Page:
Imagine the United States of America when a simple skin infection from a scrape causes a 10 percent chance of dying. Out of every 1,000 women who give birth, nine will die, and out of the 1,000 infants born, up to 30 percent will die. It is difficult to imagine, but these are the alarming statistics prior to antibiotics in the early 1900’s.
Vast improvements have been made since then in life expectancy and public health. Yet, these advancements are now being set back. Microbes are evolutionary clever, responding to their environment to evade death. In the past, resistance was not as rapid as the pharmaceutical market exploded with new antibiotics. But now, the problem is a crisis. Superbugs with multiple drug resistances wreak havoc in hospitals faster than countermeasures are developed.
The threat is global, as one resistant strain can rise and spread to other parts of the world. The Centers for Disease Control and Prevention (CDC) and World Health Organization (WHO) claim that antibiotic resistance is one of the greatest threats to human health worldwide. Every year, more than 23,000 people die in the U.S. from these infections, and many more from the associated conditions, costing an estimated $70 billion yearly.
Many reasons exist for the accelerated resistance pace. First, according to the CDC, up to 50 percent of all the antibiotics prescribed for patients in the U.S. are not needed or are not optimally prescribed, for a variety of reasons and pressures. This misuse/overuse is a major contributor for the rise in resistance. Second, antibiotics used in sick animals, and in animal growth and infection prevention, aid in resistant strain development, which can ultimately spread to humans. Third, a lack of antimicrobial drug discovery due to scientific, practical, and economic challenges have made this an unattractive market investment. Lastly, the U.S. lacks a comprehensive system for monitoring and responding to antibiotic resistance. In each of these areas, improvements can be me made to delay antibiotic resistance from occurring.
Currently, the U.S. does not have regulations in place for antibiotic stewardship programs. Essentially, antibiotic stewardship is a union of infection control and antimicrobial management to reduce collateral damage. These programs work towards the optimal selection, dosage, and duration of antimicrobial treatment resulting in the best clinical outcome for the treatment or prevention of infection, with minimal toxicity to the patient and minimal impact on subsequent resistance. They have been shown to reduce colonization with antibiotic-resistant organisms, infection rates, and cost.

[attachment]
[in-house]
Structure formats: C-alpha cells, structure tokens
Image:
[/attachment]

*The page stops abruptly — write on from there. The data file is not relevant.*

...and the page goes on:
Recently, President Obama’s Council of Advisors on Science and Technology suggested regulations to the Centers for Medicare & Medicaid Services (CMS) to require antibiotic stewardship programs in hospitals. Reimbursement incentives for antibiotic stewardship could be used as a condition of participation for Medicare or for eligibility to receive federal grants or funds. Under such conditions, a hospital should have written policies and procedures whose purpose is to improve antibiotic use, and a designated leader (such as a physician) responsible for program outcomes of antibiotic stewardship activities in the hospital.
Other improvement possibilities exist and include: Documenting an indication for all antibiotics, as well as dosage and duration, or even a so-called “antibiotic time-out,” where practitioners review appropriateness of any antibiotics prescribed after 48 hours from the initial orders. Additionally, technology and electronic medical records not only allow for delivery of antibiotic indicators and appropriate duration of therapy, but also the development of disease-specific care pathways for best practices. Further, community consumption could be monitored. These are only a few of many initiatives that can be put into practice.
A bacteria resistant to all known antibiotics is just as scary as it sounds. Unfortunately for us, it already exists, and we may be helping to create it. In the war against these evolutionarily perfect killers, antibiotic stewardship is needed just as much as new tools and weapons are. Until the new silver bullet arrives, let’s try and conserve the antibiotics we have. Preserving drug efficacy in the face of rising multidrug-resistant pathogens is vital. We must continue applying pressure to federal, private, and civil society to be accountable and proactive, before it’s too late.
Jesse O’Shea is a medical student.
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